My above-identified U.S. Pat. No. 5,031,637 is directed to a non-invasive diagnostic apparatus and method wherein the human body or a portion thereof is placed in a body of an acoustically transmissive liquid, such body of acoustically transmitting liquid being contained in a container preferably having sidewalls formed of or coated with acoustically absorbent material. One or more hydrophones are located in the body of liquid to detect or "listen" to sounds, such as cardiovascular sounds, gas flow and skeletal sounds made by body movements. These sounds are passed through a preamplifier, a bandpass filter and discriminator, the function of which may be performed by microprocessors to a recorder and/or display device. The recorder can record body sounds much in the fashion of an strip chart recorder used for EKG and/or EEG. Typical pool water with chlorine, or salt water, or oils, such as vegetable oils can be used for the acoustically transmissive medium. In addition to audible sounds, the method and apparatus are particularly useful for listening to infrasonic or subsonic sounds. According to my above application, the subject is placed or immersed in the body of acoustically transmissive liquid in a container having acoustically absorbing walls so that there are no unwanted reflections of sounds launched in the water from the human body reflecting off of the walls. One or more hydrophones located in the body of water are used to detect the sonic energy launched by the human body. The human in the body of acoustic liquid is instructed to go through a particular sequence of movement, for example, the arms, (flexion, extension, abduction, adduction), or the back, or legs (inversion eversion), etc. and record is made the sounds emitted during each of the movements of the specific body parts or the specific movement made by a given patient. For example, an athlete may be asked to bend his or her knee (flexion, extension), elbow (flexion, extension) and the like and a record is made of the sounds generated and launched into the acoustically transmissive liquid. Similar recordings are made for a large number of individuals to provide a norm of the movements of a particular body part in a particular direction and/or at a particular rate of speed. These records then form a database which may be stored in the computer database and used to detect departures from the normal sounds made and thereby provide the physician with a greater body of knowledge to enable successful treatment for the patient.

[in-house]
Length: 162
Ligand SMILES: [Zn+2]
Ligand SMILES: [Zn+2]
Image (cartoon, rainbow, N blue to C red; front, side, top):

THE PRESENT INVENTION